Christians celebrate the birth and death of their savior as separate occasions, but Buddhists celebrate the birth, enlightenment and death of Buddha as one. Visakah Puja, as Vesak is called in Thailand, is celebrated with giving alms to the monks, giving bath to Buddha images, making merits at the temples (flowers and incense), and chanting sacred hymns.

Asalha Puja – Friday, 11 July 2014
Buddha’s first sermon, which laid down the foundation of Buddhism, is celebrated on this day. Buddhists make merits, perform the “wien thien” or a candlelit procession around the temples and shrines done three times, and hold reunions with the family.

Beginning of Vassa – Saturday, 12 July 2014
Monks roam around Thailand during the dry season to share the teachings of Buddha. But during the start of the rainy season – the beginning of Vassa (rains retreat) – they remain indoors in temple grounds to engage in intensive meditation. On this day, the lay refrain from eating meat, smoking and drinking alcohol.

The Queen’s Birthday – Tuesday, 12 August 2014
On this day in 1932, Queen Sirikit, King Bhumibol Adulyadej’s consort, was born. Because she is regarded as the mother of all Thais, this day is also observed as the National Mother’s Day. On this day, the royal emblems fly and buntings of yellow cloth adorned with the Queen’s portraits are hung outside.

Chulalongkorn Day – Thursday, 23 October 2014
Rama V, more popularly known as King Chulalongkorn, was the monarch who fought off European colonization, making Thailand the only non-colonized Southeast Asian country. King Chulalongkorn was also instrumental in the abolition of slavery, the installation of post and telegraph services, the construction of railways, and the creation of a ministerial system. Thais mourned his death on this day in 1910, and continue to revere the King on the anniversary of his passing.

The King’s Birthday – Friday, 05 December 2014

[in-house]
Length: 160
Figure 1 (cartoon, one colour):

Rama IX or King Bhumibol Adulyadej, the world’s longest-serving monarch, was born on this day in 1927. On his birthday, Thais display the national flag and put up buntings of yellow cloth adorned with the King’s portraits. The Grand Palace is lavishly adorned on this day, and roads nearby are closed to traffic in preparation for the evening celebrations that attract thousands of loyal Thais.

Constitution Day Wednesday, 10 December 2014
Siam, as Thailand was then known, was once under absolute monarchy (where all the power rests on the king alone). But in June of 1932, the Thai monarchy was upset by a bloodless coup that allowed for the transition towards constitutional monarchy. This means that the ultimate power belonged to the Thai people, and the King’s veto can be overruled.

New Year’s Eve – Wednesday, 31 December 2014
In observance of the Gregorian calendar, Thais also celebrate the final day of the year along with the rest of the western world.

Article by Chris

Chris had a passion to contribute to society especially to fellow travelers like himself. He also had a passion for Southeast Asia and frequently visited. While brainstorming ideas, he decided that a travel blog dedicated to his favorite countries, Thailand and Singapore, could be more beneficial than any guidebook. Only one year later did the blog’s success bring in more writers, more countries, and more readers.